Steps to read Subahibi
1. Purchase it here on Steam, available on August 30th between 10 PM to 12 AM EST.
2. Follow this link to download the official patch. It’s too explicit for Steam so Frontwing only uploaded the first chapter to Steam to circumvent the matter. The rest of the content not on Steam is in the patch.
3. Follow the steps on the patch’s page in order to install the patch.
Steps to read Subahibi
Well I have finally had a chance to start reading Subahibi. Now as I am typing this, I have only passed the opening attributed to a quote from the play, Cyrano de Bergerac. As someone who has read this play, I do find it very interesting how relevant this particular play might be . For those of you who are unaware, Cyrano de Bergerac is about the titular character, a french nobleman and soldier with the heart of a poet and the flair of someone with great panache(seriously this guy is smooth).
In any case, he has fallen in love with his cousin Roxanne, but learns that she has fallen in love with the handsome Christian de Neuvillette. Cyrano, believing Roxanne won’t love him due to his self proclaimed ugly and large nose, instead opts to help Christian in wooing Roxanne by writing beautiful and well written poems for Christian to recite. Roxanne further falls in love, not due to Christian’s stunning looks, but due to the beauty and intelligence in “his” words.
In any case, through a series of events, Christian dies (before pleading Cyrano to tell Roxanne about the truth about the letters), but Cyrano decides to hide the truth in order to preserve Christian’s image. 15 years later, a mourning Roxanne ends up visiting Cyrano. During this visit, Cyrano becomes mortally wounded and asks Roxanne to give him Christian’s last farewell later. Cyrano reads the latter out loud, and only then does Roxanne realize it was Cyrano who wrote those letters all those years. Roxanne confesses her love to Cyrano before he dies. In his death throe he imagines him fighting enemies and laments that the only thing he has lost in life his ultimately his pananche!
In any case, as relevant to Subahibi, I think the tale of Cyrano here is going to be relevant in multiple ways- for one the power of words and how they shape reality(IE: in particular how the power of Cyrano’s letters has shaped Roxanne’s perception of Christian. Additionally one can say that the Christian that Roxanne fell in loved with was both Cyrano and Christian. Based on Subahibi’s synopsis, I wouldn’t be surprised if there is such a similar perception- where one character is representative of multiple people in some shape or form. Of course Cyrano’s fears of Roxanne came from his own perception of himself and how the world around sees him, so there might be themes of characters seeing something in the world that isn’t “real”. That however doesn’t invalidate how real it is the characters themselves.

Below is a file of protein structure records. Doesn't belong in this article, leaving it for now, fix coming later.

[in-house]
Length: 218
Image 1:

In any case, that is my initial thoughts !
I’m mostly curious to see if he has any late Wittgenstein, or whether it’s all early Wittgenstein. Given the Tractus is of early Wittgenstein, I’m surprised to hear it as a basis for this work. Russell’s paradox was brutal against the Tractus; it’ll be interesting to see what Subahibi takes from it. I’m guessing by “based on Wittgenstein”, as lots of people claim (have any of them actually read Wittgenstein? Unless I’m vastly underestimating the average reader, I doubt the majority of people have bothered), it’s probably referring to some association between logic and language, not so much Wittgenstein’s thought in itself. Since he kind of abandoned the whole thing later.
By the way, we did have a topic where we discussed language earlier in Rokkenjima, and I did a
brief overview of early v late Wittgenstein there, for anyone who wants to read it. It might not be a very good explanation, given how it changed nothing in the discussion, but it is an explanation.
Well here are my thoughts as of finishing the Down the Rabbit Hole I route.
So, the route itself I think was a great start to exploring what appears to be the tenants of Subahibi’s themes- that is the extent of what one can perceives the world, the connections between oneself and the world,and what is the limit of the world. This is best exemplified through Zakuro and Yuki’s relationship.
Yuki first “meets” Zakuro through her dropping dolls off a building, one of which falls upon Yuki’s head. I was actually rather suspect of this scene right away and assumed it was some sort of metaphor for Zakuro’s suicide. In any case, Zakuro and Yuki discuss “the girl who is the world itself and the girl who is the sky”. My initial thought was “Well wouldn’t the girl who is the world itself include the girl who is the sky. After all isn’t the sky part of the world”.